Each of the first three of four comet rotations under Rosetta during the 63.5-hour circular orbit is used as a dry run. The comet rotates 1.25 sidereal (celestial reference frame) rotations for every time it rotates under Rosetta. The apparent rotation period will be 16.6250 hours. Rosetta will be at 270°, 0°, and 90° each time the Apis midpoint is (supposed to be) in the correct angle position ahead. On each dry run, Apis should be 72.828° ahead of Rosetta’s ground track point along the equator (252.828°-180°). This can be checked by using a fiduciary boulder that should pass directly under Rosetta on each dry run. This is made slightly easier since Rosetta is orbiting in the same plane as the rotation plane and its ground track is the equator of the comet. The Apis midpoint is on the equator anyway (this is one of many reasons why Apis is a star candidate for flyby). The fiduciary boulder would also be on the equator. It would be 72.828° of comet longitude behind (west of) the Apis midpoint. 

When Rosetta reaches 180° again, where the circular orbit insertion was performed, it’s no longer a dry run but the real thing. If the Apis midpoint was seen to be creeping ahead or slipping behind 72.828° from Rosetta on the dry runs we can ‘go for burn’ a few seconds early or late. That would mean that our zero point that was supposed to be so rigidly fixed is itself shunted backwards or forwards a few metres or tens of metres. That’s the reset if it’s needed because Apis is found to be ahead/behind and dragging the aimed-for zero point with it.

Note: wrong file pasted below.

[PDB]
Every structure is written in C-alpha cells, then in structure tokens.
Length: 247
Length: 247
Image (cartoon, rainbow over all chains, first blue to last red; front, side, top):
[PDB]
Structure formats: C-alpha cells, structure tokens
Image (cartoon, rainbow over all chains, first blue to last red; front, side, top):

In contrast to the reset, the potential unwanted error at injection, described further above is an unwanted error even though Apis is in the predicted position. So an off-nominal burn when Apis is where we predicted it to be is the is error as opposed to the carefully planned reset. An off-nominal burn means a slightly off-nominal orbital speed which brings Rosetta in early/low or high/late. Late/early burn shut-off with the correct orbital speed means much the same thing but with lesser altitude anomalies. 

The reset requires the timeline to have a few seconds added to it or taken away. If Rosetta’s orbit altitude isn’t quite right on the dry run observations, a similar operation is done as for the Apis angle with minor adjustments of a few metres to the size of the flyby ellipse, which affects its orbital period. That would again mean going for burn a few seconds earlier or later. 

3) T minus 16.4810 hours (assuming no dry run adjustments or a reset, adjusting the timeline to 16.4810 hours anyway):

Flyby ellipse injection. This is 63.5 hours after circular orbit injection. The comet/Rosetta configuration is identical to the configuration at circular orbit insertion time at T minus 79.9810 hours. This is because 67P has rotated five times under that exact cometcentric point in space (5 x 12.7 =63.5). This is why the 9594-metre orbit radius was chosen. That’s the only radius that would bring Rosetta back to this same point after exactly five comet rotations (and four apparent rotations under Rosetta as she completes her single orbit). 

If all is well, Apis is at 252.828° again, and Rosetta is at 9594 metres again.